In grade 7/8 Home Ec, we learned how to make scones and sew boxer shorts. I have never in my life ever sewn another pair of boxer shorts, but this scone recipe is probably the most-loved recipe I have: I use it a lot and the scones (or baking powder biscuits, whatever you want to call them) always turn out perfectly. You can use whole wheat flour if you want or add chopped herbs, grated cheese, dried fruit, fresh or frozen berries, chocolate chips… endless delicious possibilities.
The important thing with making scones is not to over-mix when adding the milk to the dry ingredients, and also not to over-knead the dough before cutting it. The best way to think about it, in both instances, is as more of a folding action, rather than a stirring or kneading action. This gives you light, flaky, perfect scones.
This dough can also be used to make dumplings to go on top of soups and stews by adding a bit more liquid (a few more tablespoons) and dropping the biscuits straight into the simmering pot. Stick the lid on and let it all simmer for about 10 minutes, or until the dumplings are firm and cooked on the bottom.
My favorite way to eat these is with butter, jam, and tea (they are perfect for a tea party!), but they also pair nicely with bacon and eggs for breakfast 😉
Home Ec Scones
If you want to add grated cheese, dried fruit, fresh/frozen berries, chocolate chips, etc, stir in 1/2 cup after cutting in the butter. Chopped herbs can be added to the flour before cutting in the butter.
Preheat oven to 425˚F. Mix together:
1 cup all purpose flour (may substitute 1/3 cup whole wheat)
2 tsp baking powder
3 tbsp cold butter, in small pieces
Cut the butter into the flour with a pastry cutter until the dough resembles fine bread crumbs – the butter should be in mostly in small pieces, nothing larger than a pea. (You could also use two knives to do this, or use the “rubbing in” method, which I haven’t tried because the pastry cutter is always handy!) At this point, stir in any additions you may be using.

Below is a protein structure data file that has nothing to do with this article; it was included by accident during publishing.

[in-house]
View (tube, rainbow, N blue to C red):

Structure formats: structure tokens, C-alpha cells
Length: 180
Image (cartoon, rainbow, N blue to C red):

Pour in 1/2 cup cold milk and briskly incorporate it into the flour using a fork, with as few strokes as possible (4-5, ideally). Think of making a folding action – lift the flour from the bottom of the bowl and fold it onto the surface. The dough should come together in a shaggy, wet mass.
Turn the dough onto a lightly floured surface.
Sprinkle a little flour on the dough, pat it down gently, and fold it in half (this is also how you can incorporate any flour from the bowl that didn’t get mixed into the dough). Sprinkle with a bit more flour (if needed), pat down, and fold again. Repeat 1-2 more times. Do not knead it like bread dough – you don’t want to overwork the gluten, otherwise you’ll end up with chewy scones. By folding and patting, you are making layers of dough with little butter pockets that will heat up, release steam, and expand in the oven to create flakiness. Shape the dough into a circle about 2 cm thick and cut into 4 or 6 wedges.
Place on an ungreased baking sheet and bake for 10-12 minutes at 425˚F, until golden brown on top and the bottom sounds hollow when you tap it with your finger. Can be eaten steaming hot or room temperature. These are best when baked and eaten on the same day. The scones are quite small – feeds 2-3 people.